Several articles have been talking about the implications of a potential Impeachment trial on the 2020 Democratic Primary. The implication that seems to repeat itself applies to senators running in the primary. Namely, if an impeachment trial were to occur, these Senators would likely have to be recalled to the Senate to participate in the trial. As NPR writes:

That would keep those six candidates stuck in Washington, acting as jurors – and out of Iowa and other key early states — in the critical final weeks before the caucuses.

"We will have to convene every day, six days out of seven," Senate Majority Leader Mitch McConnell recently told reporters. President Bill Clinton's 1999 impeachment trial lasted more than a month. The only other impeachment trial in U.S. history, President Andrew Johnson's, ran on and off for more than two months.

This made me more curious about instances of required attendance in the legislative branch.

House Document 110-49

The wiki page on the Procedures of Congress does not mention anything about required physical attendance for the duration of any one specific procedure. In fact it mentions this about attendance, cited from House Document 110-49:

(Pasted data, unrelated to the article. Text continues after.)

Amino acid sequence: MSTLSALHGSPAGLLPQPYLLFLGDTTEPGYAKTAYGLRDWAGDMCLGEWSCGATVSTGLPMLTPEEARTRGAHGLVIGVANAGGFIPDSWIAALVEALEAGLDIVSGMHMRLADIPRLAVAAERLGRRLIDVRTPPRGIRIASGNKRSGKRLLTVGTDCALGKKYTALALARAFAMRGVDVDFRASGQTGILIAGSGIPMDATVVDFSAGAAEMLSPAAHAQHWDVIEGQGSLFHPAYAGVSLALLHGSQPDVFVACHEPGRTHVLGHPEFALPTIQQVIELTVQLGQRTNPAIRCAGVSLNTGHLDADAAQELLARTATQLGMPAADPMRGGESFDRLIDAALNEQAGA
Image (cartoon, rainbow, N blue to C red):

Due to the diverse nature of daily tasks that they have to perform, it is not practicable for Members to be present in the House or Senate Chamber at every minute that the body is in session. Furthermore, many of the routine matters do not require the personal attendance of all the Members. A system consisting of electric lights and bells or buzzers located in various parts of the Capitol Building and House and Senate Office Buildings alerts Members to certain occurrences in the House and Senate Chambers.

However, digging further in the cites document mentions this about compulsory attendance that is voted on:


Article I, Section 5, of the Constitution provides that a majority of each House constitutes a quorum to do business and authorizes a smaller number than a quorum to compel the attendance of absent Members. In order to fulfill this constitutional responsibility, the rules of the House provide alternative procedures for quorum calls in the House and the Committee of the Whole.